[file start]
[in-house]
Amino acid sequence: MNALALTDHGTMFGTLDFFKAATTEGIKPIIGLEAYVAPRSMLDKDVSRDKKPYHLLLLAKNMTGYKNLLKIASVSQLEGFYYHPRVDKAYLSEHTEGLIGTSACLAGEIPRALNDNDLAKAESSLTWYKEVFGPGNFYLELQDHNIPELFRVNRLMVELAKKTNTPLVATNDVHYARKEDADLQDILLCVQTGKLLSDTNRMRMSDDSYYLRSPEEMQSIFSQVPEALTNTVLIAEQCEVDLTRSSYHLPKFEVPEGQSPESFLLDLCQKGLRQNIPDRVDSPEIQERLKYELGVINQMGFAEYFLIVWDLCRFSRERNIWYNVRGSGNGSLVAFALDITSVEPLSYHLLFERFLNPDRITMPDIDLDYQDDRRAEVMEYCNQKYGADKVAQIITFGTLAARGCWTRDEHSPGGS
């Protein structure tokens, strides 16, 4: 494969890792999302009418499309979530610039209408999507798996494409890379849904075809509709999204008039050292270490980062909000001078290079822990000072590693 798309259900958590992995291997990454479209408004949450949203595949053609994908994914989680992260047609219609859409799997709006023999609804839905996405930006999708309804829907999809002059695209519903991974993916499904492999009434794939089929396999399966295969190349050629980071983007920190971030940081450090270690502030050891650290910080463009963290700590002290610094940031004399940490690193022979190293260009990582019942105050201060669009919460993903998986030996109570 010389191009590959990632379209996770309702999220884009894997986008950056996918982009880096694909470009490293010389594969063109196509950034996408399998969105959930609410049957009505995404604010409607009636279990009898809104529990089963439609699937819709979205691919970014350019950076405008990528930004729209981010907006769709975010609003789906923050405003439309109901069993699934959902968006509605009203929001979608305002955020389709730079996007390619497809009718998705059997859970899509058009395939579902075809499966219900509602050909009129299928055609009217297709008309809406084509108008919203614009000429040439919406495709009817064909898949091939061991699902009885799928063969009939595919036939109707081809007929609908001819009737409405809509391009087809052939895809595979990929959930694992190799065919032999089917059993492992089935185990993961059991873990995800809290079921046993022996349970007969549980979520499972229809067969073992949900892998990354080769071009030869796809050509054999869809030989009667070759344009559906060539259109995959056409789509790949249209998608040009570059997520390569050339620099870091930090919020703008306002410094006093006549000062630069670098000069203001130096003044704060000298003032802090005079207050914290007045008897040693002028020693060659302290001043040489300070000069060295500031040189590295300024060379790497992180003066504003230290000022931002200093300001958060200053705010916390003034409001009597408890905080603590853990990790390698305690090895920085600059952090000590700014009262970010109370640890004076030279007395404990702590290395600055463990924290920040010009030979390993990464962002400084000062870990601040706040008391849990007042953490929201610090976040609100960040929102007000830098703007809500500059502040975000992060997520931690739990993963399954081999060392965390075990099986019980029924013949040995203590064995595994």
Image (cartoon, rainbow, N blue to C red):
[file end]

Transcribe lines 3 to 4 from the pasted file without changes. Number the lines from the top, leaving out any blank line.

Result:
């Protein structure tokens, strides 16, 4: 494969890792999302009418499309979530610039209408999507798996494409890379849904075809509709999204008039050292270490980062909000001078290079822990000072590693 798309259900958590992995291997990454479209408004949450949203595949053609994908994914989680992260047609219609859409799997709006023999609804839905996405930006999708309804829907999809002059695209519903991974993916499904492999009434794939089929396999399966295969190349050629980071983007920190971030940081450090270690502030050891650290910080463009963290700590002290610094940031004399940490690193022979190293260009990582019942105050201060669009919460993903998986030996109570 010389191009590959990632379209996770309702999220884009894997986008950056996918982009880096694909470009490293010389594969063109196509950034996408399998969105959930609410049957009505995404604010409607009636279990009898809104529990089963439609699937819709979205691919970014350019950076405008990528930004729209981010907006769709975010609003789906923050405003439309109901069993699934959902968006509605009203929001979608305002955020389709730079996007390619497809009718998705059997859970899509058009395939579902075809499966219900509602050909009129299928055609009217297709008309809406084509108008919203614009000429040439919406495709009817064909898949091939061991699902009885799928063969009939595919036939109707081809007929609908001819009737409405809509391009087809052939895809595979990929959930694992190799065919032999089917059993492992089935185990993961059991873990995800809290079921046993022996349970007969549980979520499972229809067969073992949900892998990354080769071009030869796809050509054999869809030989009667070759344009559906060539259109995959056409789509790949249209998608040009570059997520390569050339620099870091930090919020703008306002410094006093006549000062630069670098000069203001130096003044704060000298003032802090005079207050914290007045008897040693002028020693060659302290001043040489300070000069060295500031040189590295300024060379790497992180003066504003230290000022931002200093300001958060200053705010916390003034409001009597408890905080603590853990990790390698305690090895920085600059952090000590700014009262970010109370640890004076030279007395404990702590290395600055463990924290920040010009030979390993990464962002400084000062870990601040706040008391849990007042953490929201610090976040609100960040929102007000830098703007809500500059502040975000992060997520931690739990993963399954081999060392965390075990099986019980029924013949040995203590064995595994």
Image (cartoon, rainbow, N blue to C red):